The 10 Best Drones For Photographers
Take Your Photos Higher
Whether your goal is to capture still photographs or stunning video, the drones on our list provide you with range, altitude, and an interface that keeps you in control of the camera as well as its flight path.
Most of the drones on this list are quadcopters, which are flying machines powered and propelled by four rotary blades situated parallel to the horizon. Two of these rotors move clockwise, and the other two move counterclockwise. If all the blades spin at the same velocity, they create a force against the air beneath the body of the quadcopter, causing it to rise. With a decrease in power, the copter can hover or decrease its altitude.
By increasing the power to the two blades moving clockwise, or to the two blades moving counterclockwise, you will spin the copter along its Y axis, or yaw, without affecting its angle of flight. By increasing the power to only one of the clockwise rotors and decreasing the power to its clockwise partner (and vise versa with the counterclockwise rotors), you can affect the copter's pitch, providing a tilted, momentous turn. Increase the power to any of the two rotors next to each other, and the copter will move in the direction opposite them.
There are other possible rotor combinations that allow you to achieve more advanced maneuvers, but what's important about these copters is that they all have a little mount on their underbellies to hold a camera. Whether that camera is part of the copter package – or the mount arrives empty and waiting for whatever camera you fit to it – depends entirely on the brand and model.
Once airborne, the camera interfaces with its video monitoring system while you control the copter with a handheld radio controller. Sometimes the drone controls are incorporated into the app that controls the camera, and other times the video relay for the camera is built into a physical controller for the drone.
Take Your Tests
Even the most inexpensive combination of drone and camera isn't cheap, and the most expensive among them ought to require an insurance policy. Too many times have I heard a woeful story from a young photographer or cinematographer who got their hands on a shiny new drone, only to run it into the ground on their first flight and break the drone, the camera, and their bank.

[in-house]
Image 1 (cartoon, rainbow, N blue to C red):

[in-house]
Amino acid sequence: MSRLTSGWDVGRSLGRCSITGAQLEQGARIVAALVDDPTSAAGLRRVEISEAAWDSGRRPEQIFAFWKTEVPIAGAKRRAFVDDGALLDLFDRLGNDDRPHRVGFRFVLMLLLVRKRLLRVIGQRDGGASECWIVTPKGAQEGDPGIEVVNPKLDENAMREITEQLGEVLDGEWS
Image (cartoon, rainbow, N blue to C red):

The best thing you can do for the insurance of your gear before picking up a drone for photography is to get your hands on a cheap, tiny kid's drone like you see those depressing salesmen playing with in the hallways of malls across the nation. These will give you an inexpensive, low-risk opportunity to familiarize yourself with the nuances of drone flight before setting aloft equipment worth a couple grand or more.
Then, once you've honed your skills and purchased your photography drone, if it's the kind to which you affix a camera of your own, take it for a test flight or two (or twenty) before strapping your camera to its chassis.
When you're ready to purchase that photography drone, the choice between a drone with a camera built into it and one with a bracket designed to receive popular models of action camera is a tough one. While the brands and models with cameras attached to them already tend to be slightly less expensive overall investments, they run the risk of becoming obsolete a lot sooner than a drone whose camera you can quickly replace.
The other major variable to consider is the control interface. If you find that you require separate controllers for the camera and the drone, you're liable to give up hope of ever coordinating a proper shoot, unless you have a talented drone operator and a talented cinematographer working in effective concert with one another.
The far better layouts are the drones whose apps allow for total control on your smartphone or, preferably, your tablet, and the models whose physical controllers also have interactive touchscreens for camera feedback and control.
A Long, Slow Ascent
In 1907, Louis Breguet, a French designer and builder of aircraft, created a four-rotor aircraft that achieved brief flights, momentarily hovering a few feet above the ground. Repeated attempts to achieve flights greater than a few meters off the ground, without overworking the pilots on board, were largely unsuccessful for the next sixty years or so.
Then, in the late 1970s, Bell Helicopter and Boeing came together on a joint military endeavor to research the possibility of an tiltrotor quadcopter aircraft that could operate as a quadcopter during takeoff and landing, but that could also tilt its rotors into the configuration of a more traditional airplane to achieve greater speeds once airborne.
While Bell and Boeing chipped away at the project, which would eventually get shelved in the early 21st century, advances in the use of drone aircraft for military strikes began a reintroduction of radio-controlled aircraft to the public. Suddenly, radio controlled fliers seemed less like the domain of the outcast enthusiast, and more like the domain of the rugged military man, a shift that allowed a whole new market of consumers to take the technology seriously.
Once people started mounting their GoPro cameras and other action cams onto the bodies of their drones, all bets were off, and the photographic and film industries would never be the same.